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[meen-nis] /ˈmin nɪs/
the state or quality of being mean.
a mean act:
to answer meannesses with forgiveness.
Origin of meanness
1550-60; mean2 + -ness Unabridged
Based on the Random House Dictionary, © Random House, Inc. 2015.
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Examples from the web for meanness
  • There seems to be no interval between greatness and meanness.
  • But what really matters is not the stinginess, is not the meanness, but the tone of the whole thing.
  • If they forgive too much, all slides into confusion and meanness.
  • But, chained as he was in the meanness and smallness of it all, he was yet cast in a different mould.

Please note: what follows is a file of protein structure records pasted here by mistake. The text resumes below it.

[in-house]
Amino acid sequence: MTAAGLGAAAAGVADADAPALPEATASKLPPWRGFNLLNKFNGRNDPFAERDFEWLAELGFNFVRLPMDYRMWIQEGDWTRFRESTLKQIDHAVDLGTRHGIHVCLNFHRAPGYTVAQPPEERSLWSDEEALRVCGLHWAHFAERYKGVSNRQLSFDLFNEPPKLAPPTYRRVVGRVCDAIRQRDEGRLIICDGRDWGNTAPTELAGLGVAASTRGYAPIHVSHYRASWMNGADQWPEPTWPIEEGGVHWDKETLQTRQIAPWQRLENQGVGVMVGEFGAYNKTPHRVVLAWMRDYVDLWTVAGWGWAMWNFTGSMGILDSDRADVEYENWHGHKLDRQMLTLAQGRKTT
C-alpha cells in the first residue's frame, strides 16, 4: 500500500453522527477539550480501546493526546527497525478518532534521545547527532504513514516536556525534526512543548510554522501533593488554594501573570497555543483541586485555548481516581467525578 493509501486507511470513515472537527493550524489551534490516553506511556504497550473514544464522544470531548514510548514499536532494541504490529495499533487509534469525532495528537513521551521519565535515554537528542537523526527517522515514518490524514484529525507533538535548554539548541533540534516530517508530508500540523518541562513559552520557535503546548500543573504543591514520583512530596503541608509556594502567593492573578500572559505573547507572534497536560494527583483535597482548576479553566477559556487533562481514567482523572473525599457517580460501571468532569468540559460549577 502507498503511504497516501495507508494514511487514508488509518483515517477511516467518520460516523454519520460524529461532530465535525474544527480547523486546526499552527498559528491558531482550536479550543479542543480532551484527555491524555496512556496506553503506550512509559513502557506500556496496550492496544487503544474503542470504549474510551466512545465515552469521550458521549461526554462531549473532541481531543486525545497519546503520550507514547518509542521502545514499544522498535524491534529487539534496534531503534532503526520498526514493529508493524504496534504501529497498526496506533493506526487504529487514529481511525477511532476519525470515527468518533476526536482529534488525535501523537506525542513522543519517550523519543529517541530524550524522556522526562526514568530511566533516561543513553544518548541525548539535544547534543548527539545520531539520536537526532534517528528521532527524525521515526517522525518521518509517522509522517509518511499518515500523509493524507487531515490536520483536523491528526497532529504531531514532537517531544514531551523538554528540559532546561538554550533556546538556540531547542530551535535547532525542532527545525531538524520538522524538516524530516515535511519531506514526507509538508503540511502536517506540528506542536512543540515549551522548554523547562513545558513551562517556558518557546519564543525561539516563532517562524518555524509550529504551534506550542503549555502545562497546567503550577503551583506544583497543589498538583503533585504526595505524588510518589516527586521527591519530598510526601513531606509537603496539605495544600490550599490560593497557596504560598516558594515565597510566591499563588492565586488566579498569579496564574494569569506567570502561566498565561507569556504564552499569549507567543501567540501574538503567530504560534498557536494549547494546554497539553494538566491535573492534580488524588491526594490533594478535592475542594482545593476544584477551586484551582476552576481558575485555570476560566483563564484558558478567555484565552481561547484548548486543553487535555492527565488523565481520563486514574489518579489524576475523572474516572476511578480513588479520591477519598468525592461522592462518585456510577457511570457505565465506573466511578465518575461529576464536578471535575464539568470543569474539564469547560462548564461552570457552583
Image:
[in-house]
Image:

• Its primary subject was the meanness of middle-school students.
  • Some people are born mean, some achieve meanness, and others have meanness thrust upon them.
  • One has made a career out of pushing friendliness to the point of abrasiveness, and the other has done the same with meanness.
  • But this doesn't justify his meanness or his broad inconsistencies.
  • Even the exuberant pop music on the soundtrack is used as a counterpoint to the characters' enclosed meanness and malaise.
  • meanness happened then too, but the sphere of influence was much smaller.
Word Origin and History for meanness

1550s, "weakness," from mean (adj.) + -ness. Sense of "baseness, poverty" is from 1650s; that of "stinginess" from 1755.

Online Etymology Dictionary, © 2010 Douglas Harper
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